Malta’s first confirmed coronavirus cases should not be cause for alarm and there is no need to amend guidelines related to work, travel or schools, health authorities said on Saturday.
Health Minister Chris Fearne, Superintendent of Public Health Charmaine Gauci, Mater Dei CEO Celia Falzon and pathologist Chris Barbara all sang from the same hymn sheet as they revealed details of Malta’s COVID-19 patient zero, urging calm and saying it was business as usual.
“We had been preparing for a first case,” the minister told a press conference, noting that Malta had been one of just three EU countries without any confirmed cases. The other two countries are Cyprus and Bulgaria.
More than 100,000 COVID-19 cases have been confirmed in almost 100 countries across the globe and on Friday the World Health Organisation said that the virus spread was "deeply concerning".
The Chinese state that is the epicentre of the virus, Hubei Province, remains under lockdown. In France, president Emmanuel Macron has urged people to limit their visits to the elderly, who appear to be at the greatest risk, while Switzerland has temporarily barred gatherings of 150 people or more.
On Saturday, Fearne said that authorities had no new instructions for the public at this stage but urged people to take the standard precautionary measures.
Fearne confirmed that a ward at Boffa hospital was being redeployed to use in the eventuality of a COVID-19 outbreak. That 60-bed facility will complement a 12-bed unit at Mater Dei Hospital.
Around 600 medical staff members have received training on how to handle infected patients, he said. UĦM - Voice of the Workers, which counts nurses among its members, said training protocols worked well in some departments but had fallen behind in others.
Medical workers needed immediate training and preparation, the union said, warning of industrial action if that did not happen.
No change to flight plans
Asked whether there were plans to stop flights from Italy or other affected areas, the minister said that the World Health Organisation and European health authorities had not recommended that measure yet.
That response is likely to anger doctors and nurses who have accused the government of political meddling in decisions concerning public health.
In a joint statement, the Medical Association of Malta and UĦM - Voice of the Workers said authorities now had to stop all flights from high-risk areas of northern Italy and implement mandatory quarantine measures – things which Fearne said were not being taken into consideration at this stage.
Medical and nurses’ unions had already clashed with the government on Friday, saying a cruise ship carrying around 2,000 people should not be allowed to dock in Malta and alleging that there was political pressure for it to do so.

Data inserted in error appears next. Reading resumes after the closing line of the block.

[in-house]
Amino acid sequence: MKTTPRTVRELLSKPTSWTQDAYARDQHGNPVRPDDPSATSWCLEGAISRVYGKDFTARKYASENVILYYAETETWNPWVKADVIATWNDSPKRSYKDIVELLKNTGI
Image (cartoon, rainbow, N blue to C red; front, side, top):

On Friday evening, the government said that it would not allow the ship into port to allay public fears it said had been sparked by “misinformation” about the vessel and COVID-19.
Speaking on Saturday, Mater Dei Hospital CEO Celia Falzon said that the hospital would continue to operate "as normal".
"We're only being a bit more stringent in terms of visitors, to try to limit the number of people accessing the hospital. But this was the norm, we just don't always apply them so stringently," she said.
Stepping up measures
Health authorities have been keen to stress that there is no need to panic or take drastic measures, and on Saturday emphasised that the COVID-19 patient and her entire family had been in self-quarantine since returning to Malta on Tuesday.
But preparations for an increase in the number of COVID-19 cases have been quietly progressing.
A shipment of 32,000 face masks is expected to reach Malta next week, and minister Fearne announced a new public helpline – dial 111 – on Saturday. The government has also set up a website to provide coronavirus-related information.
New testing hub to open next week
Fearne also announced that as from Tuesday, anyone diagnosed with flu-like symptoms will be asked to visit a special testing hub, where a swab test will be administered immediately.
The unit will be isolated and will allow the health authorities to work more efficiently, he said. Other countries have also set up similar testing hubs, the minister said.
Details about the new hub will be made public on Monday afternoon before operations kick off the next day.
Testing for COVID-19 occurs in two stages. The first test checks to see whether a patient is infected with a virus from the coronavirus family. It takes approximately two hours for test results to be provided. If the initial test is positive, a second test is administered.
This second test checks whether the coronavirus a patient is carrying is COVID-19 or any other subtype. Results take around four hours to be confirmed.
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